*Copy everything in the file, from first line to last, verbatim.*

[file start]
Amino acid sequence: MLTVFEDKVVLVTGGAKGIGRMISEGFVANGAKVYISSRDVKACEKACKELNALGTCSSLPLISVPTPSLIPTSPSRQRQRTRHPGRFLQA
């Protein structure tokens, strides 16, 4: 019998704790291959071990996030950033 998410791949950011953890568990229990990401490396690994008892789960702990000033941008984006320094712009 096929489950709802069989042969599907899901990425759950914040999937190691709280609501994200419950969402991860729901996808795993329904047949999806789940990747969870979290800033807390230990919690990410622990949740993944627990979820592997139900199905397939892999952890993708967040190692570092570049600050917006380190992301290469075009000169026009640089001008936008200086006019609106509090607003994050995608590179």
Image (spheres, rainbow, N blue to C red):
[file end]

Amino acid sequence: MLTVFEDKVVLVTGGAKGIGRMISEGFVANGAKVYISSRDVKACEKACKELNALGTCSSLPLISVPTPSLIPTSPSRQRQRTRHPGRFLQA
């Protein structure tokens, strides 16, 4: 019998704790291959071990996030950033 998410791949950011953890568990229990990401490396690994008892789960702990000033941008984006320094712009 096929489950709802069989042969599907899901990425759950914040999937190691709280609501994200419950969402991860729901996808795993329904047949999806789940990747969870979290800033807390230990919690990410622990949740993944627990979820592997139900199905397939892999952890993708967040190692570092570049600050917006380190992301290469075009000169026009640089001008936008200086006019609106509090607003994050995608590179």
Image (spheres, rainbow, N blue to C red):